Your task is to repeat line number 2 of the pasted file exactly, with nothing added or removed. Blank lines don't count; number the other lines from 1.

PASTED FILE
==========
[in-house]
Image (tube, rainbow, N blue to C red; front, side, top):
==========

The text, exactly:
Image (tube, rainbow, N blue to C red; front, side, top):